Based on the water production rate, the team estimated that the comet lost some 6.4 billion kg of water to space over the period monitored by Rosetta, with the most intense mass loss happening near perihelion. The total mass loss, taking into account other gas molecules and in particular the dust, could be roughly 10 times larger than that and, if distributed uniformly across the comet nucleus, it would translate into a reduction of 2 to 4 metres.
“This study shows how cross comparison between different instruments and simulations is beginning to reveal the comet further,” says Matt Taylor, Rosetta project scientist at ESA.
“Connecting in-situ measurements from Rosetta with ground-based observations was a major science goal for the mission and it is wonderful to see this cooperation in action,” concludes Kathrin Altwegg, ROSINA principal investigator.
Rosetta’s MIRO – the Microwave Instrument for the Rosetta Orbiter – has made nearly two billion science measurements at Comet 67P/C-G, and generated over 1.5 million spectra of gases in the comet’s coma. Principal Investigator Mark Hofstadter shares his team’s highlights of the mission, the challenges faced, and a hint of what’s still to come…
Being the first submillimeter instrument to fly in deep space, and having everything work are pretty high on our list of achievements! While we expected to be able to study the nucleus and coma gases with our instrument, and hoped to be able to see the dust particles, it was still a thrill to actually see the instrument doing what we thought it would. This comet puts out a lot of dust, and the dust particles are larger than predicted, so it was easier for MIRO to see the dust than we thought it would be, and we've been able to study it in more detail than anticipated.
But, just as for several of the instrument teams, the post-hibernation checkout gave us an initial unpleasant surprise. We were very cautious at first, and turned on one component of MIRO at a time, monitoring things in between to make sure everything was stable and working as expected. Early in the turn-on sequence, and near the end of a tracking pass, at JPL we saw that one of MIRO's sensors reported that the spectrometer's temperature shot up by 25 degrees for a few seconds, from about 20 to 45ºC. That could have been the sign of a short circuit temporarily heating things! Everything else looked normal to us, however, and the people in the control centre in Darmstadt said they saw nothing unusual. The original principal investigator of our instrument, Sam Gulkis, had just a few minutes to decide whether or not to command an immediate shut down of MIRO, before we lost radio contact with the spacecraft for several hours. What would you do? Shut down just in case something was short-circuiting to prevent further damage, or keep it on to avoid the risk of something having broken that would prevent us from turning it back on in the future? Sam, in Darmstadt, decided to leave MIRO on while we were out-of-contact. It was after midnight in Darmstadt when this happened, and Sam had been awake for many hours, so he went to sleep for a few hours while those of us at JPL (where it was still daytime) continued investigating. Sam later told us he fell asleep thinking we lost our instrument before even getting to the comet.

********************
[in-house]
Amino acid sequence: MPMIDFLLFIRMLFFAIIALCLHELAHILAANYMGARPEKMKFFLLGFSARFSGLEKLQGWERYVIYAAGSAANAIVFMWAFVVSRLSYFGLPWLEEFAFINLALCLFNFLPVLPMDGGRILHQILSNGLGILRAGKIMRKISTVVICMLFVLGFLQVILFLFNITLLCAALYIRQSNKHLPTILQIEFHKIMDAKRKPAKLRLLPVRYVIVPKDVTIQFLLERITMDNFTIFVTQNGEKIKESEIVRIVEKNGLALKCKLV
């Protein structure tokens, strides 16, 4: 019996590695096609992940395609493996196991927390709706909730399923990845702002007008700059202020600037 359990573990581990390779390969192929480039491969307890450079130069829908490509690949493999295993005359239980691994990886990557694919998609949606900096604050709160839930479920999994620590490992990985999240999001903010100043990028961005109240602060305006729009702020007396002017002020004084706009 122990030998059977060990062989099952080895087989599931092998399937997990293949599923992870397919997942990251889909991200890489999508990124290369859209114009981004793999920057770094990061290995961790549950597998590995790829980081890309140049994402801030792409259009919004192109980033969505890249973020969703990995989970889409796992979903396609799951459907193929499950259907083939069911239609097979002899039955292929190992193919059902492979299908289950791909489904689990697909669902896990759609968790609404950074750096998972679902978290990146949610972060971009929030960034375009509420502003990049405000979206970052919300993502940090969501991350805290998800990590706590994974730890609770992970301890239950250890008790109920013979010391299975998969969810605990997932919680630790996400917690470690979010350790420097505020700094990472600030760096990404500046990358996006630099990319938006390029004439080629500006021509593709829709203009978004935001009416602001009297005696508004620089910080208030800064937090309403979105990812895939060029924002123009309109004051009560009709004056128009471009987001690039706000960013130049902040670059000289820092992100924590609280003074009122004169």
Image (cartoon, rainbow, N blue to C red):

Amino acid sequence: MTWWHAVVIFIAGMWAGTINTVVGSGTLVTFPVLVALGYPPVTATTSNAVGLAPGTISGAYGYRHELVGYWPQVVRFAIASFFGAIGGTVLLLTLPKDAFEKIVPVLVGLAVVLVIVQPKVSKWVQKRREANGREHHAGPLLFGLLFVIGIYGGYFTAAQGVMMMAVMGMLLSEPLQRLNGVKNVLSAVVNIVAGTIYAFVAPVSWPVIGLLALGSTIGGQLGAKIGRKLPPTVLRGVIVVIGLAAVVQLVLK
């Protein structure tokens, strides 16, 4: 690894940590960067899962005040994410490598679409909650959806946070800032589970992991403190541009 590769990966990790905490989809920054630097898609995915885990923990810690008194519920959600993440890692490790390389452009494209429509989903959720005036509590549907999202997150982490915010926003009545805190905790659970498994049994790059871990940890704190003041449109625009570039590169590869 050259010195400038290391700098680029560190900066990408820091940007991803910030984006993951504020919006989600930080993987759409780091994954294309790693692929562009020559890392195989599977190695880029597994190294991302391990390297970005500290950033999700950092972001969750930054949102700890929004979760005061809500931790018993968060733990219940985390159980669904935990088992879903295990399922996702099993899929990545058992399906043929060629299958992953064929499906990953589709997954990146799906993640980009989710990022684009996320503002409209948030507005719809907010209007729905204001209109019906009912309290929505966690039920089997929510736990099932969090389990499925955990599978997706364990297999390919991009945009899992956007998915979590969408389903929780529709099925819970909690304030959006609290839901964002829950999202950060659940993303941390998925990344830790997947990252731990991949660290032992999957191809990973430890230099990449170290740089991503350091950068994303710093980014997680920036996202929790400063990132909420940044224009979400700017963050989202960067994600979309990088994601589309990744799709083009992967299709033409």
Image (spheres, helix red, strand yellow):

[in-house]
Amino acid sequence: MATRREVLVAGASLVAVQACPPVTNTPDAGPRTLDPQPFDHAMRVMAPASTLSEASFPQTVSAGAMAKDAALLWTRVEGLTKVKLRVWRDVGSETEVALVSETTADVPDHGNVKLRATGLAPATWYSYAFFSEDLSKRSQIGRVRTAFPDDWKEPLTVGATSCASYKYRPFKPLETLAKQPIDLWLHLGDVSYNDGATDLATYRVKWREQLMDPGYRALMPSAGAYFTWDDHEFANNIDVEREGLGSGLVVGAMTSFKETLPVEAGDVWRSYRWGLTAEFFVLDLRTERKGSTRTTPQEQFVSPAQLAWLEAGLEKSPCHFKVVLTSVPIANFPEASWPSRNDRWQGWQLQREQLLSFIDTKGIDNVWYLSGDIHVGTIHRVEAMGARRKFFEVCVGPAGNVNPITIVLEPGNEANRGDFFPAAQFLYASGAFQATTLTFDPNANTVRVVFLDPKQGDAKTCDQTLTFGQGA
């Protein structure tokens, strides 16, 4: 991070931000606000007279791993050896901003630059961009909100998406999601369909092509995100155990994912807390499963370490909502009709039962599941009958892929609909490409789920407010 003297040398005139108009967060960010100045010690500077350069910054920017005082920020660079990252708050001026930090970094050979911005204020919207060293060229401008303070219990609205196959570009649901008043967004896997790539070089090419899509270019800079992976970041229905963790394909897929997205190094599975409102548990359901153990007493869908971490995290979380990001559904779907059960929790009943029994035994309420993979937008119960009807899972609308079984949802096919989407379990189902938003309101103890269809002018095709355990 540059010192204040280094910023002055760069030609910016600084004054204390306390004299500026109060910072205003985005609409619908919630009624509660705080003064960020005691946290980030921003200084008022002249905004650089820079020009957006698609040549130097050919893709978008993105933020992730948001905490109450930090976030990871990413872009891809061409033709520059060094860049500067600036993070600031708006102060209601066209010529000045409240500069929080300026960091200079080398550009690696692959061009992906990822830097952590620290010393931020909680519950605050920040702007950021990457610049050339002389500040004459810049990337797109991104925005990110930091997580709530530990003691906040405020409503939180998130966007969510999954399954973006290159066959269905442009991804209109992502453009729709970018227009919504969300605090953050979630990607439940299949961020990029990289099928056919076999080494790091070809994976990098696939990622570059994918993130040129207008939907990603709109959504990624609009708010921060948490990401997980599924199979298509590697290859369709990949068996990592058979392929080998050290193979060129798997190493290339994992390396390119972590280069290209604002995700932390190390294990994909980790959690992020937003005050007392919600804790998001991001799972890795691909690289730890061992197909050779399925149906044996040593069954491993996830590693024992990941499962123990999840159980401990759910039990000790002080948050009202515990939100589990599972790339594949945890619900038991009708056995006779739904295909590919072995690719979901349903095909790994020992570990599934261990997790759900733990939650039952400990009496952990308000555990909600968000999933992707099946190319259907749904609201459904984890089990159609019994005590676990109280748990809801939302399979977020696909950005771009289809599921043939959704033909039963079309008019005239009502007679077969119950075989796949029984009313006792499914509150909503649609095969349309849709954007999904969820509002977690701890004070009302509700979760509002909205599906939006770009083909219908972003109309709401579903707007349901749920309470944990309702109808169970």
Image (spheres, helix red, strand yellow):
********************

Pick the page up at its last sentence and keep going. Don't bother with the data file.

At JPL, one person asked the question “Why didn't the control centre in Darmstadt, who monitor all the instruments, warn us that they saw a temperature spike?” Instead, Darmstadt reported everything looked normal! Strangely, he found that we did not ask Darmstadt to monitor the particular spectrometer temperature that spiked. At the same time, a second person contacted the lead engineer for MIRO and began describing the situation to her. She said that she recalled that one of the temperature sensors we had was unreliable, and even on the ground before launch would sometimes give crazy readings. Things began to make sense! We looked back through our documents, and found that the temperature sensor that spiked was the unreliable one. Because we knew it was unreliable when we launched it in 2004, we told ESOC not to monitor it. But by 2014 we had forgotten the problem, and at JPL we were looking at all our temperature sensors and saw the (false) spike.
When Sam woke up, we were able to tell him that he made the right choice in leaving MIRO turned on, and when Rosetta came back in contact with the Earth, we saw that MIRO was operating normally with all temperatures and currents as expected.